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Screen Shot 2015-12-14 at 9.36.13 pm "Jacob's dream at Bethel", Catacombs, Via Latina. JUNG'S APPROACH. 

One cannot help but be impressed by the extent to which Jung was steeped in biblical lore.
In none of his writings is he ever very far from the discussion of biblical themes or from the use of scriptural references to make his point.
In the preface of "Answer to Job", he stated, "I do not write as biblical scholar, but as a layman and physician who has been privileged to see deeply into the psychic life of many people".
He was not interested in the usual questions of biblical research - the meaning, origin, cultural background, and history behind biblical texts. He sought to find that meaning  of the text that would speak to modern men and women in their present historical and cultural experience. He was less concerned with the origins of the texts than with their effects on the lives of contemporary readers.
Certainly Jung's use of the Bible was idiosyncratic.
For him it was a primary source of material that could be translated into terms of his psychological system - with particular emphasis on the symbolic dimension of scriptural references and events that he was able to conect with aspects of his own views about the role of myths and symbols in human psychic functioning and their connection with the collective unconscious and archetypal symbols.
Myths were not mere words or stories but living truths and psychic realities that exercise their power on the human soul by their use of symbolic language. Symbols thus served as the vehicles of psychic transformation that extended beyond the communication of meaning to the level of psychic integration and spiritual revitalization.
His effort was consistently directed to viewing Scripture in such way as to make it relevant to psychic concerns.
He argued that the religious propositions in the Bible had their origin in the human psyche and that their meaning was in some sense determined by psychic roots, whether conscious or unconscious. They are in effect psychic facts and relevant to psychic truth that are concerned with the illumination of the soul. Their aim and purpose is not to provide information but to bring about psychic change.
Jung endorced the view that "all Scripture is inspired by God and useful for teaching, for reproof, for correction, and for training in righteousness, so that everyone who belongs to God may be proficient, equipped for every good work" (2 Tim, 3:16).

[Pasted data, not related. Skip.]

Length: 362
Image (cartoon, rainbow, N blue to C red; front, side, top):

Insofar as religious statements are "psychic confessions" deriving from the unconscious, they are like dreams that enter consciousness to inspire new insight and illumination. Thus, the prophets spoke of being seized by the word or spirit of God. The psyche becomes the place where the divine and human interact - trancendence is replaced by immanence. The Scripture becomes the vehicle and means of God's presence and action in the soul. Behind and in the words there is the Word.

A good example of this usage is Jung's development of Christ  as a symbol for the integrated self.
The Self in Jung's psychology represents the unity and wholeness of the personality, embracing all psychic phemomena. It stands for the goal of integration of the total personality and individuality. This archetypal image is expressed in mandalas and in the heroes of myth and legend but above all in the image of Christ who "exemplifies the archetype of the Self".
As Jung comments in "Answer to Job", "Christ would never have made the impression He did on his followers if He had not expressed something that was alive and at work in their unconscious. Christianity itself would never have spread through the pagan world with such astonishing rapidity had its ideas not found an analogous psychic readiness to receive them".
He makes use of the St. John Gospel theme of Christ as the way, the truth, and the light.
Christ thus comes to symbolize the way of love, service, the life of the Spirit, salvation, and reconciliation.
Christ thus becomes the archetype of the Self : the Christ-event not only speaks to the soul but acts within it to awake, revive, cleanse, and save.
In psychological terms, the Christ-event means that to become true Selves we must acquire a broader consciousness that connects the sense of identity and wholeness with love of the neighbour. Love is the mark of the Christian. 
Jung observes, "The men of that age were ripe for identification with the word made flesh, for the founding of a community united by an idea, in the name of which they could love one another and call each other brothers. The old idea of a mediator in whose name new ways of love would be opened, became a fact, and with that human society took an immense stride forward".
In this fashion Jung strove to bring the Scripture closer to vital interests and make it a force for psychic enrichement and integration - far different from his father' stale reverence for the words of Scripture rather than the relation of the Bible to real life and the God of life.
As he put it, "The Bible is not the words of God, but the Word of God". As the archetype of the Self, Christ becomes a real event in the life of the soul. Christ  acts in the soul to draw out real effects and changes.
The Christ symbol brings with it a power through grace to become what one could not become on own's own ( William W. Meissner).

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